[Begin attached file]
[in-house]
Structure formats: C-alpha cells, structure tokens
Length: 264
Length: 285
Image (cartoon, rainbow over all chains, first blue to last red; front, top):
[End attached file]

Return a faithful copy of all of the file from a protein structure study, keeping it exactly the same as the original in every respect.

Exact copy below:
[in-house]
Structure formats: C-alpha cells, structure tokens
Length: 264
Length: 285
Image (cartoon, rainbow over all chains, first blue to last red; front, top):